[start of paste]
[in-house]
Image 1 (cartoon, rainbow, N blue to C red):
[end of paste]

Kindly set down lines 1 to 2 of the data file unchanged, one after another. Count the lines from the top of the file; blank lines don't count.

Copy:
[in-house]
Image 1 (cartoon, rainbow, N blue to C red):